Turns out you don’t have to smell like a fresh garlic clove throughout your time in Italy. Italian dishes are much lighter on garlic than their Italian-American counterparts. (The same goes for onions.) And in the country of olive oil, rubbing bread in butter is generally a strange thing to do, regardless. For that reason, it’s thought that garlic bread was invented in U.S. in the 1940s.

Instead, try: bruschetta al pomodoro
This bread is toasted, too — and even rubbed with a (slight! slight!) amount of garlic. It’s then topped with lots of fresh tomatoes. Look for it in Rome, and remember two things: Not only can you get away with pronouncing it broo-SKEHT-tah here without sounding like a jerk (in fact, waiters who don’t speak English might not know what you’re ordering otherwise), but it's either an antipasto or a snack during aperitivo (a pre-dinner drink), not something to be served or consumed alongside a main course.


2. Spaghetti and meatballs
In his memoirs, a Sicilian named Niccolo’ de Quattrociocchi wrote that while eating at an Italian restaurant in New York in the early 20th century, he encountered two “very fine, traditional American specialties” for the first time. One of these? Spaghetti and meatballs.

Instead, try: polpette al sugo
You can find meatballs in tomato sauce in Rome and south of Rome, they're just not served on pasta. They’re often much smaller than those you’d see in the U.S. But there’s a bonus: If you choose your trattoria carefully, they should also be much fresher. While frozen everything is starting to encroach on food culture in Italy, the trend is still a few years behind the U.S. In other words, it’s the perfect place to try those meatballs without all that carbohydrate distraction.

Polpette al Sugo

3. Fettuccine Alfredo
It’s like macaroni and cheese … with an Italian twist. Or so I always thought. Turns out, there’s only one restaurant I ever heard of that served it: Alfredo’s, in Rome. It was created there in 1920 by the chef, Alfredo, to appeal to American clientele. No surprise there, really, since nothing about the dish appeals to traditional Italian palates; putting cream on pasta is so rarely done that in Rome, the home of pasta carbonara, the recipe calls for not a hint of cream. And, again, there’s the whole issue of using butter.

Instead, try: cacio e pepe
This traditional Roman pasta is simply cheese and pepper, just like the name says. Pasta gets swirled with a mixture of Pecorino Romano cheese, fresh black pepper, and a touch of olive oil, a mixture melted together by the pasta’s heat. And that’s it. No fuss, no muss, no antacids needed.

Cacio e Pepe

4. Chicken on pasta
An Italian colleague of mine at the Four Seasons Hotel in Chicago, once told me that when she first heard that this was a thing in the U.S, her scorn needed no translation. Putting meatballs on pasta is something that Italians don’t usually do, but still, can see the merit of it (after all, many other pasta dishes incorporate meat into the sauce, like the famous ragu alla Bolognese – although it’s worth noting that the meat sauce is served in Bologna with just a touch of tomato). But that benefit of the doubt simply doesn't extend to chicken. It’s a separate dish. End of story.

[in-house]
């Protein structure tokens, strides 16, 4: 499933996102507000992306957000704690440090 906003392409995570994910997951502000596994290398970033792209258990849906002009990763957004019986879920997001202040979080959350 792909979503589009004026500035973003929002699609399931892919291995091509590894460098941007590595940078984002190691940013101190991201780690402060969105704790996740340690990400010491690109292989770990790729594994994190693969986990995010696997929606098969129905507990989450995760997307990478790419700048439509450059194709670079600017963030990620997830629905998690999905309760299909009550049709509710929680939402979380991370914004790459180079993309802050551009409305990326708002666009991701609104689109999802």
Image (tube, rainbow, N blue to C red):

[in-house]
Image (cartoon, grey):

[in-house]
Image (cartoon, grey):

Instead, try: fish on pasta
This, for some reason, is okay (although, like meat in a ragu, it almost always will be broken up into small pieces, not served whole on top of a pile of pasta). Specialties vary across Italy’s regions, but some of the most delicious seafood pastas can be found in Sicily, where dishes incorporate local catches ranging from pesce spada (swordfish) to sarde (sardines).

5. Penne alla vodka
Good luck getting to the bottom of this one. Like the other dishes on the list, I never saw this on my visit to Italy or even the books I’ve read on its cuisine. In any case, vodka isn’t, obviously, a traditionally Italian drink. And, again, a pasta sauce with cream — in Italy, penne alla vodka usually includes tomatoes, onions, cream, and vodka — is pretty tough to find in the old country.

Instead, try: anything else
No, really. Anything else. Please. Penne alla vodka doesn’t even make sense: What little flavor vodka has gets burned off in the cooking, leaving you with a sad tomato-onion-cream sauce. What did that vodka ever do to you? Instead, order any local specialty — anything — and if you really want to feel a little kick, follow up your dinner with an order of grappa or limoncello: alcohol you’ll actually be able to taste.

6. Cheesecake
It’s the go-to dessert of Little Italy restaurants everywhere, but good luck finding this delicious, decadent dessert on menus in Italy.

Instead, try: cassata siciliana
Sweetened ricotta mixes are common in Southern Italy, particularly in Naples and Sicily (although they’re not generally as heavy, or sweet, as anything you’d taste in a cheesecake). They fill cannoli, sfogliatelle, and a myriad of other pastries. The closest to a cheesecake in terms of sheer decadence, though, is the cassata siciliana, a liquor-soaked sponge cake that gets layered with sweetened ricotta, covered in green almond paste, and iced.